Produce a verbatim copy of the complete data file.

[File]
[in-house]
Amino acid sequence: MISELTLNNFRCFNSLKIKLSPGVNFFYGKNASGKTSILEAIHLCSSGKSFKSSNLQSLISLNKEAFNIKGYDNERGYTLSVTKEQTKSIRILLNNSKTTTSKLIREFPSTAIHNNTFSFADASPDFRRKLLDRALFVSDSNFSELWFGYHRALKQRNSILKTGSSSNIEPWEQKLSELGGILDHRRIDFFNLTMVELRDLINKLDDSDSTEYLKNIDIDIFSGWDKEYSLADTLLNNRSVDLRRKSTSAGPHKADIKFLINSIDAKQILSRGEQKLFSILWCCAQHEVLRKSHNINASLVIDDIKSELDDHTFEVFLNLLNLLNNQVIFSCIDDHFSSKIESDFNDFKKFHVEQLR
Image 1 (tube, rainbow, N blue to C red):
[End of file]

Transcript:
[in-house]
Amino acid sequence: MISELTLNNFRCFNSLKIKLSPGVNFFYGKNASGKTSILEAIHLCSSGKSFKSSNLQSLISLNKEAFNIKGYDNERGYTLSVTKEQTKSIRILLNNSKTTTSKLIREFPSTAIHNNTFSFADASPDFRRKLLDRALFVSDSNFSELWFGYHRALKQRNSILKTGSSSNIEPWEQKLSELGGILDHRRIDFFNLTMVELRDLINKLDDSDSTEYLKNIDIDIFSGWDKEYSLADTLLNNRSVDLRRKSTSAGPHKADIKFLINSIDAKQILSRGEQKLFSILWCCAQHEVLRKSHNINASLVIDDIKSELDDHTFEVFLNLLNLLNNQVIFSCIDDHFSSKIESDFNDFKKFHVEQLR
Image 1 (tube, rainbow, N blue to C red):